Plant Breeding Innovations to Help Meet Increasing Demand for Safe, Affordable Food
Through advancements in agriculture and the development of new crop varieties, humans have historically strived to meet the needs of a growing population and to develop a safe, reliable and sustainable food supply. How will we continue to meet this challenge, while dealing with a changing climate and threats of new pests and diseases? The American Seed Trade Association (ASTA) affirms that continued innovation is paramount to the future of agriculture and to our shared quality of life. Plant breeders including those who develop new wheat varieties will need access to available tools to responsibly meet these challenges.
The fundamental practices of plant breeders have not changed over time, ASTA notes. Plant breeders still select the best plants for their desired goal, which may be higher yields, disease resistance, improved end use characteristics or better nutrition. However, the tools and information that plant breeders use have evolved, allowing them to take advantage of the growing understanding of plant science and genetics. Today, with the capability to sequence plant genomes and the ability to link a specific gene or genes to a specific characteristic, breeders are able to more precisely make improvements in plant varieties. Breeders can also make specific changes in existing plant genes in ways similar to changes that could occur in nature.
Innovative breeding methods include a variety of tools that mimic processes that have been used in traditional breeding since the early 20th century. ASTA reports that breeders may opt to use the newer methods rather than classical breeding to reach the same endpoint more accurately and efficiently. As with more traditional breeding methods, some of the newer methods focus on using a plant’s own genes, or genes from the plant’s wild relatives, to create a desired characteristic, such as disease resistance or drought tolerance. It is a more precise way of creating genetic variation — a longtime goal of plant breeders. To read more about innovations in wheat breeding, visit https://www.heartlandinnovations.com/about-us/kansas-wheat-innovation-center.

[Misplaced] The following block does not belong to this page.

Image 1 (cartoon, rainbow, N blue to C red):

It is important to note that seeds are comprehensively regulated by USDA. A key feature of the plant breeding process is extensive testing and evaluation starting early in the process and continuing until the final product is commercially available. These tests are based on procedures breeders have used for many decades to create new plant varieties that are safe to grow and eat.
The world’s farmers and food manufacturers understand that America’s agriculture producers face the very real challenge of providing for a growing population so future generations have access to the same diverse, nutritious and high quality food we enjoy today. ASTA believes improved breeding methods will help meet these needs more efficiently and economically through agriculture practices that preserve natural resources and biodiversity. These new breeding methods are accessible to both public and commercial plant breeders in developed and developing countries, and they can be used across all agriculturally important crops, including food, feed, fiber and fuel crops.